Jas 2.14-26, with the contention that ‘faith without deeds is dead’ and using the stories of Abraham and Rahab to show that ‘a person is considered righteous by what they do and not by faith alone,’ has often been regarded as James’s denunciation of Paul’s doctrine of justification by faith. Furthermore, this apparent inner-canonical tension between James and Paul has in turn led to an allergy towards the epistle of James in some ecclesial traditions which have been shaped principally by Pauline thought. Protestants in particular have ordinarily clung to the doctrine of sola fide, justification by faith alone, based largely if not exclusively on their reading of Paul. And yet, the only place where the words ‘faith alone’ occur in the New Testament is in Jas 2.24 where James explicitly denies that faith alone justifies. This would seemingly make James not merely an opponent of Paul, but of the entire Protestant Reformation too. This is precisely why Luther was so adverse to the letter and why many counter-reformation Catholic apologetics appealed to James with great frequency and earnestness.
It helps if we remember that sixteenth and seventeenth century debates about whether justification is by the imputation of merit or by the infusion of charity are simply not what James or Paul are talking about. In addition, the Jacobean account of justification does not necessarily render the Protestant doctrine of sola fide as exegetically invalid; it only requires that the doctrine involve careful articulation in order to avoid accusations of promoting ethical laxity. With those caveats in mind, I submit that it is possible to bring James and Paul together on justification once we situate them in their respective context.
For a start, James is not shirt-fronting Paul and Paul might actually be receptive to the concerns that James raises. James appears to be offering, almost as an aside, a clarifying response to Pauline teaching, not composing an anti-Pauline tract. As proof of that at no point does James demand that converting Gentiles undergo circumcision and adopt the Torah, nor does he insist that Jewish Christians must separate from Gentile Christians for the sake of ritual purity – Paul’s trigger points for unleashing polemical fury (see Gal 2.11-14; 5.12; 6.12-14; Phil 3.2-3)! According to Acts, while James affirmed Paul’s ministry and message, he had concerns about those who were taking Paul’s teaching in a possibly antinomian direction and rumours that Paul was actively leading Jews away from obeying Torah (see Acts 21.20-21)! What James offers here is not so much a denunciation as a qualification to Paul’s teaching, so that final justification is never independent of moral transformation? Added to that, Paul was very much aware that his instruction on God justifying ungodly-Gentile-sinners by faith apart from works of Torah got him accused of promoting ethical laxity, and he actively refuted the notion that his gospel licensed immoral behaviour (see Rom 3.8, 6.1-2). I can imagine Paul reading Jas 2.14-24 and replying, ‘I hear ya bro, but I got this, let me read Romans 6 and Galatians 5 to you.’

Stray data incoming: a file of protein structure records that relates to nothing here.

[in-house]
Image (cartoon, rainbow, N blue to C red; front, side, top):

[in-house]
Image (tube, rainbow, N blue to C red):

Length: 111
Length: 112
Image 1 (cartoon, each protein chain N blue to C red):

Furthermore, the apparent discrepancy between James and Paul dissipates when we observe what they are each arguing for and against. They are using the same language, but they have different referents in mind, and they address difference concerns.
|James and Paul on ‘Faith’ and ‘Works’|
|Faith||Trust in God’s redeeming action in Jesus and allegiance to Jesus as Messiah and Lord. Such faith justifies.||Mere assent to the existence of God which does not lead to upright conduct. Such faith does not justify.|
|Works||Connected with the Jewish way of life codified in the Torah, a kind of ‘doing’ that leads to ‘boasting’ in ethnicity and effort. Such works do not save.|
Loving expression of faith in action. Such works are required for salvation.
That said, James and Paul do materially disagree on the significance of Gen 15.6. Paul employs the passage to prove that Abraham was justified prior to his circumcision, while James opts for a standard Jewish approach that read Abraham’s willingness to sacrifice Isaac in Genesis 22 as the reason he had righteousness credited to him proleptically in Gen 15.6. Alas, there is diversity in the New Testament!
In the end, we do best to imagine James – much like he did for Peter at the Jerusalem Council – as standing in the breach between Paul and his Jewish/Jewish Christian critics, censuring extremes, assuaging concerns, and looking for common ground.
 Jas 2.24, 26.
 See Johnson 1995, 140-43.
 See Reasoner 2005, 25; Vanhoozer 2016, 71-107.
 Despite the persistence of efforts to read James as an anti-Pauline writing (e.g. Hengel 1987), Johnson (1995, 111) rightly points out that it is unfair to take 12 of James’s 108 verses as the key to its purpose and aims. The letter is so much more than a repudiation or even a qualification to Pauline teaching.
 Jas 2.26; Gal 5.6.
 Jas 1.18, 21; Eph 1.13; Rom 10.17.
 See Gal 3.6-18 and Rom 4.1-25 versus Jas 2.21-23 and 1 Macc 2.52.